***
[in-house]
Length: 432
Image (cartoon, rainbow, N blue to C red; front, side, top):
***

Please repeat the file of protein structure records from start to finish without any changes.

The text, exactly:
[in-house]
Length: 432
Image (cartoon, rainbow, N blue to C red; front, side, top):